Nuclear knowledge is no longer elitist, after all. Information on the topic is incredibly accessible through the internet. Just as terrorists are unlikely to be unaware about nuclear availability, so our own ignorance is not an option either. Allison warns that “ignorance” makes us all potential victims, whether of the next human error or a sadistic decision. As the testimony of an eyewitness of the train crash in Graniteville, South Carolina reveals, the people there didn't know how to deal with the “green stuff” that leaked out around them. “We all put our heads to the ground. It was the wrong strategy,” said the eyewitness. Clearly, a combination of human negligence and the absence of an effective exit strategy added to the gravity of the train crash. According to Graham Allison, to this day the Bush administration is still “poorly prepared” to face real potential nuclear threats at home.
It is now obvious that the Bush administration's unilateralism in the “war on terrorism” has not been successful. Nuclear terrorism is preventable, but such an endeavor would require that the international community join the U.S. in a “thoughtful as well as forceful” real battle against nuclear proliferation. UN Security Council Resolution 1373 (and its additional protocol) and the Nunn-Lugar program in the U.S. are both valuable references for successful collaborative efforts to fight nuclear proliferation at home and abroad. A consensus on common interests with credible actions against nuclear terrorism necessitates a close collaboration with China and Russia.
Multilateral and bilateral cooperation should crack down on cold war mentalities and bureaucracies. In his second term, President Bush must find ways to give meaningful answers to the perception that nuclear armament is “the best guarantor of independent survival and security” from Washington diktat.
Multilateral and bilateral cooperation should crack down on cold war mentalities and bureaucracies. In his second term, President Bush must find ways to give meaningful answers to the perception that nuclear armament is “the best guarantor of independent survival and security” from Washington diktat. Persuading the international public of the urgency of serious measures against nuclear proliferation requires that the Bush administration move from “war on terrorism” to, according to Allison, “a serious war on nuclear terrorism. . . A willingness to pull the trigger does Americans no good if the shooter does not know where to aim.” This is where prudent diplomacy comes into play.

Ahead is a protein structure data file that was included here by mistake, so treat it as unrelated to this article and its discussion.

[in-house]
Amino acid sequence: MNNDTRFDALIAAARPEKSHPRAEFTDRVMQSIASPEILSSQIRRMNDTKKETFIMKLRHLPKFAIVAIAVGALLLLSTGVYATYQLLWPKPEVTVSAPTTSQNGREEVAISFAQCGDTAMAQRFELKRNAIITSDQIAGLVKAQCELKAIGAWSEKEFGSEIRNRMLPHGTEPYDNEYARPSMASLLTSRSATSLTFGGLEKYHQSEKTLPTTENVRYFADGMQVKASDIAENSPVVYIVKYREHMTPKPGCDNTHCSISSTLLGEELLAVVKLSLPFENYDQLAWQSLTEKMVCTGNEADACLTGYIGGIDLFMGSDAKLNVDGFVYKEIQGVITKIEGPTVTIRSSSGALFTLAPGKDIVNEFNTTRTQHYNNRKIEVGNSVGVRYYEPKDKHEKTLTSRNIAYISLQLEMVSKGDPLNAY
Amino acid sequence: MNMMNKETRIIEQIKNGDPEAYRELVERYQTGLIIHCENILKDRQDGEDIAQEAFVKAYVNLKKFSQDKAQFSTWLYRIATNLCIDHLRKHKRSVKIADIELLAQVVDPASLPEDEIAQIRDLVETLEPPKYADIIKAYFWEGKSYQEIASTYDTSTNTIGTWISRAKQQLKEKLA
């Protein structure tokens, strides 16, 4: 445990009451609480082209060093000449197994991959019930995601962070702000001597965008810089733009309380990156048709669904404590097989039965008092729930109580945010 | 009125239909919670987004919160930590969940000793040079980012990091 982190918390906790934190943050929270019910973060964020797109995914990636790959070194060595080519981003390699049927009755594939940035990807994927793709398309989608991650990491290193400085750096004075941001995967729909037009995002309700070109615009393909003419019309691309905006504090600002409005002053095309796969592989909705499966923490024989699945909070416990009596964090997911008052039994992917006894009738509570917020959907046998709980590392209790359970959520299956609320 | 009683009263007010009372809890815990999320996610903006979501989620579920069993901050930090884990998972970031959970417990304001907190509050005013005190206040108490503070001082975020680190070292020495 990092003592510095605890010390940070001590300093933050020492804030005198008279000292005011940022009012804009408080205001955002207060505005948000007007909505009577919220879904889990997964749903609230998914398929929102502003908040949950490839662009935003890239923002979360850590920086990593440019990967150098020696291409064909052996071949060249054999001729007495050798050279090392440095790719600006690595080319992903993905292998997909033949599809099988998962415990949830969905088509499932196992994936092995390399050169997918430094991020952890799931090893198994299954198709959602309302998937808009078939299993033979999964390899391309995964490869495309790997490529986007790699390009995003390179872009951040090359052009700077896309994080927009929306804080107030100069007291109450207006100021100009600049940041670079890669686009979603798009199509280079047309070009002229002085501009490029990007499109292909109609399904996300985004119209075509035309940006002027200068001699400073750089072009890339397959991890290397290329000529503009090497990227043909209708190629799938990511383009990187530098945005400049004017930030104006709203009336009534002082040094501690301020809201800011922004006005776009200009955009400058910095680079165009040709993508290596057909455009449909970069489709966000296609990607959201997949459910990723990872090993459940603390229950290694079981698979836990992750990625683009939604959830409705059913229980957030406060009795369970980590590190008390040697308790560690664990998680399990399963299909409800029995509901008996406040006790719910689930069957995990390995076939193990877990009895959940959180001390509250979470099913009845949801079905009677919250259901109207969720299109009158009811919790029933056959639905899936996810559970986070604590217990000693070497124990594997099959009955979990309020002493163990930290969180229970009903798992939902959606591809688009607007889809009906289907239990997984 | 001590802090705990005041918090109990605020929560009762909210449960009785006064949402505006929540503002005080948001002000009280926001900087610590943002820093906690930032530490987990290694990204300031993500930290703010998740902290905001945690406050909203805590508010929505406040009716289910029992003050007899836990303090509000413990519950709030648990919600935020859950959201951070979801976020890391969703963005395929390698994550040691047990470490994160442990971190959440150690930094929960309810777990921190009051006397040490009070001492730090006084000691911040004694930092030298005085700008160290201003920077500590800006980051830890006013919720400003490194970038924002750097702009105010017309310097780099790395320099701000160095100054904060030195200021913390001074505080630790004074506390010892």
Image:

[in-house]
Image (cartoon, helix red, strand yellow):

The U.S. cannot solely rely on technology to fight nuclear terrorism. Allison insists that a humble U.S. foreign policy with a strategic, yet sensitive, rationale is imperative to regaining international credibility. However, he adds, such a commitment is unfortunately unappealing to the hard-liners of this administration. Under what he calls the “Iran Great Bargain” approach, Allison proposes that “Iran's legitimate security concerns” be recognized, and that Iran be given the opportunity to pursue civilian nuclear power. The relaxation of the U.S. unilateral economic sanctions could help Iran stay open to negotiations. With the global security at stake, prevention with carrots or sticks would always avoid “dangerous paralysis.”
Allison's book brilliantly raises tough questions and suggests feasible solutions. History will remember that the emperor in his new clothes has found no weapons of mass destruction in the ancient garden of Babylon. The Bush administration's deception in Iraq, while counterproductive to real initiatives for nuclear disarmament, should not destroy the commitment to fighting nuclear terrorism. Allison helps draw the line between the comically disguised lies and the naked reality of the nuclear threats in the world. An easy read, this book places wisdom where she belongs: in a humble, wretched, yet conscious and compassionate rationale.